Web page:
Other discussion concerned the future of the park and what may happen to it years down the line.
“We want it to remain a public park, but we want the city to manage it any way they see fit,” stated Mel Coonrod.
Other concerns included safety and parking, but despite the concerns about it’s future the council voted to accept the donation.
One item that did arise during the discussion that will require further study is the proximity of the park to the state liquor store across the street. By law public parks are not supposed to be within 1000 feet of the parks boundaries. The park has been privately owned in the past so this could become a problem with the city owning it. The mayor asked the city attorney to look into the situation.
In other business the following topics were discussed:
•They turned down an application for a business license from J.M. Archuletta because of zoning restrictions on his property.
•The council decided to relax enforcement on the Main Street sign ordinance until the ordinance can be reworked. The intention is to make the ordinance more business friendly than it is now. The rework will be done by the cities historical commission whose members include Madge Tomsic, Francis Cunningham, Kay Dimick, Dave Steed and as a member from the city council Jim Robinson.
•The council approved $20,000 from the class C road funds the city has to purchase jersey barriers that are being sold by Salt Lake City as a result of the Olympics. These barriers were used for various purposes during the games and are being sold to communities for $2 to $4 per foot. This is a fifth of what the price is on the open market. The barriers will be used in various places around town where they are needed.
•The city decided to set up it’s own towing rotation at the county dispatch center, rather than use the general towing rotation that the county uses as was discussed and approved at the last council meeting. The city wants to help the local businesses, where the county list would substantially cut into those local revenues.
Another item pertaining to this was the issue of whether Hamilton Towing should be included on that rotation. For the past couple of years that company has not been on the list because of dispute that resulted from the impoundment of a trailer involved in a drug bust and an alleged overcharge that resulted. At the time the council took Hamilton off the list. Since then the only company on the list has been Helper Auto and Helper Towing, both of which have state licenses to tow and are considered separate even though they are owned by the same person.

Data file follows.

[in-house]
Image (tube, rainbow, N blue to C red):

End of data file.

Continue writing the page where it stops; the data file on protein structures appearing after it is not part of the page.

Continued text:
“I believe it is not right Hamilton is not on the list for rotation,” said Bob Farrell, the owner of the other two services. “I think he should be included. I am often so busy I have to turn business over to him anyway. He just should be on it.”
The council voted to begin the new rotation with Hamilton Towing included.
•Police Chief George Zamantakis reported that a grant for a $1000 to purchase car seats for those that can’t afford them has been secured. His department offers these to those in need to protect their children.
•Councilman Gonzales stated that the city cemetery will have it’s gates open from 8 a.m. to 6 p.m. daily beginning immediately. He also stated that the city will be having it’s annual cleanup campaign in April.
In another matter Gonzales is concerned about the cities attempt to abandon alleyways in the city. Some residents want the extra property, other do not.
He is worried about how these areas will be maintained if they are cut off by private owners who exercise the right to take their section of the property.
In addition many of the people who are taking on the property are asking for some type of written agreement or a deed to the property. The city attorney will look into some of the problems and what can be done.
•Councilman Bob Welch reported that the city will no longer be able to provide the service of thawing out private water lines that are frozen. The machine they have been using to do so is broken and it will not be repaired because of the high repair costs.